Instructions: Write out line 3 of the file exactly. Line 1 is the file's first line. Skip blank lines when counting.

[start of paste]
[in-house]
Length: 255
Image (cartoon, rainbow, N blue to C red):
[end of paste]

Image (cartoon, rainbow, N blue to C red):